[Editor's Note: This is a guest post by Mark Huges, CPA, CFE, Partner at ShindelRock Accounting Firm. This post was placed with his permission (and suggested by him).
Many of our tax clients are physician groups where the employee (a physician or nurse, say) is dually employed by the group as well as a hospital or other related entity. The related entities, the hospital and the physician practice, may be paying too much for the employer’s portion of employment taxes (e.g. FICA, Medicare FICA, FUTA) for those employees. A “common paymaster” arrangement could save a portion of those employment taxes.
An example might be a nurse who is a full-time employee of a hospital and also moonlights as a part-time (or even full-time) employee of a private medical practice. He/she receives two paychecks and two W-2 forms (one from each separate employer), resulting in both employers being liable for the employer’s portion of employment taxes. However, that does not have to be the case where the two employers are corporations and are related and a “common paymaster” arrangement could be beneficial, such as:
- A radiology group practicing in a professional corporation also has a separate corporate entity for outpatient MRIs. Some of the radiologists (and sometimes even billing and other personnel) are employed both by the radiology practice corporation and by the MRI corporation.
- An ENT group practicing in a professional corporation also has a separate related ambulatory surgery center corporation. Some of the nurses, techs and billing staff perform services as employees of both corporations.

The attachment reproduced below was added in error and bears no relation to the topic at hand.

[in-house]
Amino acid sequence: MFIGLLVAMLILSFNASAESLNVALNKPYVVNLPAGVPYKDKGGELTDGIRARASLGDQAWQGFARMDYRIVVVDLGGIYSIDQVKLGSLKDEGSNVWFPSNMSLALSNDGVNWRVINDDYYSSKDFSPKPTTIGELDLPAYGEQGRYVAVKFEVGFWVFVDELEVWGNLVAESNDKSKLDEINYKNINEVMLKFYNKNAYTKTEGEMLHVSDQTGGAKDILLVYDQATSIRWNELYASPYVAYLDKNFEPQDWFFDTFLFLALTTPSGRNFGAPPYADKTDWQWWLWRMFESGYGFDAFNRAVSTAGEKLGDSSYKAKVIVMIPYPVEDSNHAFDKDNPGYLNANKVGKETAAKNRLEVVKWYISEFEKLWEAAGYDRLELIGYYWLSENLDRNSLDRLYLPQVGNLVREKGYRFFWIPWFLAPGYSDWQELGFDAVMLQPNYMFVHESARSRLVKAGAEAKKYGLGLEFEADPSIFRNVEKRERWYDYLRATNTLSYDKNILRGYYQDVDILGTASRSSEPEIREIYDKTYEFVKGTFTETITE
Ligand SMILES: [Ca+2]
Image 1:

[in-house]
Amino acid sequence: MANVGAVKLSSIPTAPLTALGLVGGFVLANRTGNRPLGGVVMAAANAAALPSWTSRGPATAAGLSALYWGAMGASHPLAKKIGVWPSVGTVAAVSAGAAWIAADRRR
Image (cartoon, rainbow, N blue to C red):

Where two related employers that are corporations, such as the radiology practice corporation and the MRI corporation, concurrently employ the same individual, the federal government has decided that the related corporations need not pay double for the employer’s portion of employment taxes. Related corporations are able to use a “common paymaster” arrangement authorized by the Internal Revenue Code allowing one of the related corporations to designate the other related employer as the “common paymaster” for any concurrently employed employees thereby eliminating the double employment tax problem.
To ensure your group is not overpaying employment taxes and is eligible for a common paymaster set-up, please contact a ShindelRock tax professional. Keep in mind it typically takes a payroll company some time to set these up so it is a good idea to analyze now for qualifications and setup.
ShindelRock is a Metro Detroit accounting firm offering a broad array of services to individuals and business owners, including accounting, auditing, tax, litigation support, medical practice management and business consulting. For more than twenty years, its team of accounting professionals has been recognized for understanding the financial and management needs of physician practices and a commitment to superior client service. www.shindelrock.com
You can find out more about ShindelRock at www.shindelrock.com
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